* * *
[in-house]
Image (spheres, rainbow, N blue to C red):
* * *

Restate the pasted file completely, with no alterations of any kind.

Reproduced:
[in-house]
Image (spheres, rainbow, N blue to C red):